That was the warning last year — carbon emissions have to drop by 45% by 2030 if we are going to succeed in keeping global temperature increases to below 1.5 °C.
It doesn’t seem a big enough number to worry about.
So, last year, the United Nation’s climate agency — the Intergovernmental Panel on Climate Change — released a report that posed what is at stake. The report, Global Warming of 1.5 °C, was a rare occasion when scientists used alarming language to draw an image of what the world will look like if carbon emissions aren’t decreased.
These emissions come from vehicles, factories, power plants and cattle. They float up into the atmosphere and sit there, sometimes for decades, trapping heat and turning the planet into a giant greenhouse. The extra heat changes how the global climate works —from melting ice that raise sea levels to more intense thunderstorms on the highveld.
If average global temperatures increase by more than 1.5°C, the rate of change will become too much for a lot of the life on Earth to cope with. Ecosystems that humans rely on, such as bees for pollination which gives us food, start to fail.
The world has already warmed by about 1°C.
South Africa has largely ignored the UN science. In a letter to the UN last month — after the country was denied a speaking slot at a special climate summit because its plans to reduce emissions were not ambitious enough — President Cyril Ramaphosa promised large-scale reductions to be incorporated in the country’s new energy plan.
The Integrated Resource Plan was released last week. It ignored the science, and the warning that emissions need to drop 45% by 2030 and to net zero by 2050.
Independent analysis group, Climate Action Tracker, says that, if every country acted in the same way that South Africa does in regards to climate, the world would warm by nearly 4°C.
So, what will happen?
The UN report gave a few scenarios for what the future could be. None of them come with a happy ending. They are best described as horror tales that go from mild to catastrophic — with the worse ones becoming more probable with each passing year.
We save the day
Governments take climate change seriously. Electric vehicles replace petrol and diesel, industrial-scale plants capture carbon emissions, forests are planted, agricultural practices are changed to reduce greenhouse gases and produce more food. By 2100, the 1.5°C target has been met but not exceeded.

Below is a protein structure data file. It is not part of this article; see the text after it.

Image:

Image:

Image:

In South Africa, summer is hotter and rain falls in shorter and more violent bursts. But smarter cities protect people from heat waves, water is put at the heart of the economy and there’s enough to go around.
Heatwaves kill people in countries and cities that can’t afford to modernise. Coastal cities that can’t invest in seawalls will be eaten away by rising sea levels and violent storm surges.
Overall, matters get worse, particularly for poor people, who have less of a buffer for when things go wrong. For the middle class, life is comparable to what it was in 2020.
Life is nowhere near as bad as it could be.
The likely one
Countries don’t do much to tackle carbon emissions. Accelerated warming in the 2020s — as a result of natural increases and human-driven warming — leads to droughts, crop failures and fires. An emergency summit is held in 2025, where governments agree to actually do something. But the changes have to be much more dramatic than they would have been in 2018. This costs money. Renewables quickly replace other forms of energy but temperatures continue to rise. By 2040, coral reefs have all but vanished and tropical forests are shrinking. The ecosystems that protect many coastal communities from rising sea levels, such as mangrove forests, have disappeared and those people have to move inland.
The scale of transformation required means large tracts of farmland are turned over to biofuels. Food prices rise, “driving elevated levels of food insecurity, hunger and poverty”. Crop yields decline “significantly” in the tropics, leading to “prolonged famines in some African countries”. In response, people decide that food is more important than biodiversity.
Game reserves and wild areas are turned into farms and animal “extinction rates increase greatly”.
By 2100, warming is brought back to 1.5°C. The cost has been high and the world is now dominated by humans because of species reduction. Nation states are only just hanging on; “migration, forced displacement and loss of identity are extensive in some countries.
“The health and wellbeing of people generally decreases from 2020, while the levels of poverty and disadvantage increase significantly.”
The Trump-America path
Despite all their pledges, countries opt out of reducing carbon emissions. By the 2030s, a sequence of El Niño and La Niña kicks in. Major floods and heat waves hit every continent. Globally food production plummets and prices increase. Large ecosystems — coral reefs, wetlands and forests — are destroyed. Powerful hurricanes wipe out coastal cities.
“Poverty levels increase to a very large scale and incidence of starvation increases very significantly.” High levels of public unrest follow, “resulting in some countries becoming dysfunctional”.
Energy prices soar. Global average temperatures increase by 3°C. Young and old people die in heatwaves, and fires and floods wipe out food crops. South African cities are too hot to live in.
“The world as it was in 2020 is no longer recognisable, with decreased life expectancy, reduced outdoor labour productivity, and lower quality of life in many regions because of too-frequent heat waves and other climate extremes.”
Major conflicts take place. Progress in the sustainable development goals is undone. “Almost all ecosystems experience irreversible impacts, species extinction rates are high in all regions, forest fires escalate and biodiversity strongly decreases, resulting in extensive loss of ecosystem services.”
Life only get worse after 2100.